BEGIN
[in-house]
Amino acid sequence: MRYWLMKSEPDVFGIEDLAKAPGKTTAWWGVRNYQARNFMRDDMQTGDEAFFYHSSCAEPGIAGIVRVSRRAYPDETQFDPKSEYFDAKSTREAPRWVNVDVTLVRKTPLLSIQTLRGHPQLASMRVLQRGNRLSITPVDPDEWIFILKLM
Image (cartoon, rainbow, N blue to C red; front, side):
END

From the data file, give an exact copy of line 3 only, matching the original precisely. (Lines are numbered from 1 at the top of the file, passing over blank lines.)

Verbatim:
Image (cartoon, rainbow, N blue to C red; front, side):